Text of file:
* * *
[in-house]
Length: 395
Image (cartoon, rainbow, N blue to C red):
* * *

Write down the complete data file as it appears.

[in-house]
Length: 395
Image (cartoon, rainbow, N blue to C red):